Posts Tagged ‘mind’

The greatest two lessons that I’ve learned

March 7, 2017
  1. Nothing that I do is important.
  2. My thoughts are not important.

Washing dishes is no less (and no more) important than anything else. So, I may as well treat everything with equal presence – give the same presence to washing dishes as to driving a car on an icy road.

Since my thoughts are not important, I no longer need to be consumed in my thoughts and emotions. I am free to simply observe (witness) my thoughts and emotions without condemnation.

These “lessons” at first seemed shocking to me, but on further reflection they are liberating.

The ego is the unobserved mind

January 11, 2017

The ego is the unobserved mind. [Eckhart Tolle]

Thoughts are just things. They should be looked at and examined.

You are not your thoughts. Thoughts are merely things generated by the mind.

The plank exercise as meditation

April 19, 2016

Over the years I’ve tried to meditate: sit still, note any tension in my body and let go of the tension, observe my breath and adopt a steady, slow breathing pattern. But I quickly get bored with that and soon stop meditating.

Recently I’ve been doing the plank exercise. For the first couple weeks, all I could think about while doing the plank was how unpleasant and hard it is. But then I decided to shift my focus to my breathing and on mentally observing the pull of gravity on my body. Wow! What a fantastic change in perspective. Now I love doing the plank. I love watching my breath and mentally observing the pull of gravity on my body as I perform the exercise. The plank has become meditation for me!

How to put ourselves in situations where we are confronted with sights, smells, feelings, sounds, tastes that we have never experienced before

October 16, 2015

I have a theory that dementia, perhaps even Alzheimers, is caused by a lack of mental growth.

So what can be done to avoid getting dementia and Alzheimers? To answer that question we need look to those individuals with tremendous mental growth … we need to look to children.

Think about, say, a 3 year old child. Every day hundreds, perhaps thousands, of new information enters through all five senses: sight, smell, touch, hearing, and taste. Every day he experiences things that he has never experienced in his life.

Contrast with adults. There is probably not a single thing that we see, smell, touch, hear, or taste that we haven’t already experienced before, hundreds or thousands of times.

No new input = no mental growth.

No mental growth = stagnation (a.k.a. dementia, Alzheimers).

Can we be like a child again? That is, can we put ourselves in situations where we are confronted with sights, smells, feelings, sounds, tastes that we have never experienced before? And can we do that every day? (And still have a job)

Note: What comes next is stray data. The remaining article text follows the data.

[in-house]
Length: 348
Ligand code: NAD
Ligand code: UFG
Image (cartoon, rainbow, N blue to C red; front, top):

A friend, somewhat jokingly suggested:

I don’t know anything about boating. If someone were to drop me into a boat in the middle of the ocean, then I would be forced to quickly learn about navigation, ocean currents, weather, and a bunch of other things very quickly. I’d probably die.

I’d prefer not to be in situations where I might die.

I want to hear your thoughts on this: how do you put yourself in absolutely new situations?

A programming language that makes you smarter

July 12, 2015

A programming language is, well, a language.

It is a formal, structured language.

It has been my experience that if one immerses oneself in a language — any formal, structured language — it influences the mind.

Hypothesis: some languages influence the mind more positively, beneficially than others.

What programming language do you feel has the most positive, beneficial influence on one’s mind and thought process?

The key to bodybuilding is to use moderate weights and develop a strong mind/body connection

December 29, 2012

Ever since I was a child I wanted to be a bodybuilder. When I was old enough I started lifting weights. I worked hard and ate right. But I got little results. It was particularly disheartening as those around me got bigger and bigger. Clearly they had the genetics and I did not.

Nonetheless I have persisted in my training over the years. Recently two events have given me insight into why I have never achieved all that I believe I am capable of:

1. I was watching a YouTube video on Kai Greene. He took 2nd place in the most recent Mr. Olympia contest. In the video he said, “I am not a weightlifter.” He distinguishes between a weightlifter and a bodybuilder: a weightlifter is focused on lifting as much weight as possible whereas a bodybuilder is focused on hypertrophy (increasing muscle size).

2. I read this statement by Ron Harris in an exercise magazine: It is the stubborn refusal to train with moderate weights and have a better mind/body connection that prevents many would-be bodybuilders from ever looking quite like a bodybuilder.

Those two events have rocked my world. I will now approach my training in a completely different manner.